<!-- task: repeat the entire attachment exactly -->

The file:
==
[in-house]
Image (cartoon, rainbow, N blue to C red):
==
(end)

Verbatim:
[in-house]
Image (cartoon, rainbow, N blue to C red):